The goal of this study?
The objective of this study 1 examined the causes and risk factors for lower back pain (LBP) in children and adolescents who accessed a specific clinic.
Why are they doing this study?
LBP is common in children and adolescents, with existing research showing the prevalence of LBP ranging from 9%-69%, increasing significantly between 12 and 18. While research shows that LBP causes in children are as diverse as adults, there is much less information on LBP in children and adolescents.
Who was involved?
The research looked at patients under 18 who came to the researcher’s clinic to address LBP between May 2014 and May 2018.
- A total of 106 children and adolescents, aged between 8 and 17:
- 55 girls (51.8%) & 51 boys (48.1%)
Those excluded included:
- Anyone with referred pain, infections or anyone with emotional or mental stressors that are causing pain.
What was done?
The researchers used a retrospective study for their design, meaning that all of the patients were already experiencing LBP, and they look back in time to determine why.
The researchers looked at a variety of patient data, including:
- demographic information (age, gender, ethnicity, etc.),
- pain severity, which was measured using a visual analog scale (VAS)
- physical examinations
- laboratory tests
- Imaging using X-ray and MRI
- Family history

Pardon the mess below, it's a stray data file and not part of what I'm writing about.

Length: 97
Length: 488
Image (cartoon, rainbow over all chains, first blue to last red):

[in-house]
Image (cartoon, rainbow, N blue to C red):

- Lifestyle, including how much sitting per day, sporting activity
- Examination for hypermobility and hamstring flexibility
Statistical analysis of all the data was done using SPSS (which is stat software) to determine…
What did they find?
The researchers found six different etiologies (causes) for LBP in children and adolescents. Overall, they found that LBP was more common in their adolescent patients than younger children.
The vast majority of patients in this study, 62 (58.4%), had non-specific LBP. These patients had various risk factors, including obesity, poor posture, tight hamstring muscles, hypermobility, family history and immobility. All patients in this group had their symptoms resolved either independently or through the use of rest and analgesic medication. Additionally, all patients in this group were given a home exercise program.
The second most common cause was lumbar disc herniation, with 24 patients (22.6%). The causes of this were mostly related to trauma and family history. Treatment for these patients varied from steroid injections, analgesic medication, physiotherapy and three patients with uncontrolled pain required surgery.
Inflammatory LBP was the third most common findings, with 6 patients (5.6%). All of these patients were treated with non-steroidal anti-inflammatory drugs, exercise and referred to a pediatric rheumatologist.
Among the remaining patients, 5 had spondylolysis-listhesis (a crack or stress fracture in one of the vertebrae, the small bones that make up the spinal column), 5 had scoliosis, and 4 had Scheuermann disease (a childhood disorder where the vertebrae grow unevenly and can result in a humpback). Patients in these categories were treated with various approaches, including analgesics, rest, physiotherapy and exercise.
Why do these findings matter?
Determining the cause of LBP in children and adolescents is important to address pain and mobility issues for young people and because it is a significant risk factor for adulthood. If not diagnosed and treated appropriately, it may become chronic and cause disability in adulthood.